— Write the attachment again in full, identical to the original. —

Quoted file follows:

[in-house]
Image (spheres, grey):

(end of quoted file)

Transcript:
[in-house]
Image (spheres, grey):